Toyoda not showing up is essentially saying ‘screw off US, stop making a big deal out of this. The rest of the world doesn’t seem to care as much – because it is not a big deal.’ Are any other countries demanding he show up and say Toyota quality is dropping? No. And that is about all he will say anyway.

    • 0 avatar

      Mat entrapment and pedal sticking are not simple quality of manufacture issues, they are quality of design issues. Unless these present early and often, they usually fail to influence IQS numbers.

  • avatar

    In case something does go wrong, several manufacturers, including BMW, Audi, Chrysler and GM, equip some or all of their vehicles with override systems that tell the engine to ignore the accelerator if it’s being pressed at the same time as the brake. Until recently, Toyota did not. In November, it announced override systems will come standard by the end of this year, and will be installed on some recalled vehicles, including Camry and Lexus models

  • avatar

    I like the idea of bigger and better EDRs. Diagnosing the circumstances behind problems with the electronic control systems would be vastly improved by hard data to go along with the driver’s subjective account of what happened.

    • 0 avatar

      Recording and storing driver data IS relatively easy. The electronics and storage are getting cheaper.

      But, data security is difficult. If the the legal (and financial) incentive is there, people will learn to wipe/edit their black boxes to their advantage if they can.

      And I’m not sure this recording is a good thing. I’m have my doubts about the average (brain-dead) insurance or traffic enforcement authority differentiating between
      a) You going 10mph over the limit on a nearly deserted road and
      b) The Moron who hits you by cutting you off by crossing 2 lanes of traffic while blabbing on a phone.

  • avatar
    crash sled

    Yeah, if Toyoda flips off Congress, that just puts him right in line with 90% of the country. Banzai to that, dude.

    I’m thinking the Cali congresscritters are going to overplay their hand here. NUMMI seceding was a big hit to that state, and the Army of the Sacramento will likely be marching on Toyota. That will generally backfire, in any but particularly the current environment.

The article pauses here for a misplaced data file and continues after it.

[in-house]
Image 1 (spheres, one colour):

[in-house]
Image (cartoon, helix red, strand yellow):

I suspect that the brake overide feature could bite the Detroit 3 as much or more than Toyota. I really detest their reference to these cursed black boxes, but you knew it was inevitable. The litigation slot machine is not one a responsible OEM should willingly stick nickels into, especially since Government Motors is now the house.

    Good of the guy to acknowlege that overeager expansion is at root here, and that they ignored their own principles. Refreshingly honest, something unseen here in Detroit. Absolutely unseen and unheard. (Gosh that Lutz is a dashing fellow, isn’t he! And he’s photogenic and smiles a lot, and Lord knows he’s got millions of reasons to smile.)

  • avatar
    Mr Carpenter

    Anyone else seen this yet? I guess, now you have.

  • avatar

    All the anti-GM and Chrysler bailout Tea Party bravado aside, Mr. Toyoda needs to at least do a cameo appearance in front of the Committee.

    Remember, voters hate Congress, but adore their own Congressman. Like it not, they will grandstand and play games, but if Toyota wants to return to their rightful position as an industry leader, they will need to show humility to the inquisitors.

    Toyota telling the Congress to “screw off” further defeats any attempt to put this behind them.

  • avatar

    Deeply buried in the press release (following) is the news that Toyota “will more actively use on-board event data recorders, which can, in the event of a malfunction, provide information necessary for conducting such activities as technological investigations and repairs.”

    Oh, that will go over like a lead balloon with the legal community. I would be very, very interested to know if such a modification will end up being retroactive. It doesn’t take much space to log sensor data.

    The trick will be how that technology will be used in the future. We saw a hint of it with the GT-R: abuse your vehicle and we’ll deny you coverage. The next, and very ugly, step will be if this information lands in the hands of the insurance companies. It’s kind of sad that it’s come to this, but it’s also true that the general public, egged on by the legal community, has brought this upon themselves.